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S. June 2, 2007 11:16

External Flow Prediction around a Car Body
I am working on prediction of flow around a simple car body. I have created a box and placed the car body within this box and applied a sizing function between the car faces and the box faces. As I see it there are two options for the outer boundary conditions (i.e the side walls of the box)...pressure outlet or symmetry. When I use the symmetry boundary condition the computation quickly converges, which makes sense. When I use pressure, the residuals do not steadily decrease and convergence is not as good. I also receive a notification that the turbulent viscosity ratio is limited to a value when I run with the pressure boundary condition. I feel as though the pressure B.C. is the most appropriate in this case... is this correct? What can I do to improve convergence when using the pressure B.C.?


Ben June 2, 2007 11:54

Re: External Flow Prediction around a Car Body
Personally I have never seen external aero run with pressure BC round the far field, I always use symmetry and have always seen other people use symmetry, if the boundaries are far enough away from the object of interest there should be no problem at all. Why do you feel pressures are correct?

S. June 2, 2007 13:11

Re: External Flow Prediction around a Car Body
Thanks for the reply. I am with you in that I have always seen symmetry used for external flow. I also understand that as the boundaries (symmetry) are moved away from the object the symmetry condition has less of an effect on the solution. I have run some simple flows i.e. flow over a flat plate, jet, wake, etc. in which I have compared the CFD results to analytical results. What I have found is that when symmetry is used the results are close but don't exactly match the analytical solution. However when I use pressure-outlet the results do closely agree with the analytical solution. I know that an exact match doesn't exist but from what I have seen soltions can be very close to analytical or experiment. It seems that the real issue (when using the pressure boundary condition) is the proper meshing of the geometry. I am using this reasoning to conclude that the pressure B.C. is the correct choice. I have also heard people talk of starting out with symmetry and then switch to pressure. I have never been able to get this method to work...perhaps it is just talk.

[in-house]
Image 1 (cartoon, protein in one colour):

dusky.He June 2, 2007 22:43

Re: External Flow Prediction around a Car Body
Personally, it is a little hard to understand that the B.C is symmetry

The flow is symmetry along the side wall?

Harish June 3, 2007 04:08

Re: External Flow Prediction around a Car Body
When the side wall is pretty far from the body,the effect of the far field condition on the can be negligible.The effect of the sidewall scales ~ 1/Re^0.5 and hence the effect of the sidewall will not be felt.

Ahmed June 5, 2007 22:40

Re: External Flow Prediction around a Car Body
You can look the definition of the symmetry BC in any CFD book (e.g peric ) and from your computational domain description, I guess you are doing the calculations for at least 5 cars of the same size moving at the same speed, is that your intention?

As a starter, read about the exact mathematical solution of Rayleigh first problem, then try some experimental work, very easy in your case, stand on the side walk of any street, use ear plugs and a pair of sun glasses so you can not see or hear the passing cars, then try to feel the passing cars by noticing the effect of air moving around you as a result of these passing cars, that will give you a good idea of how far your computational domain would extend in the normal direction, As you say, the convergence when you specify the sides as symmetry BC compared to the pressure BC is much faster, do you know why? Could you tell us the BC you specified on the top of your computational domain and Why? Good Luck

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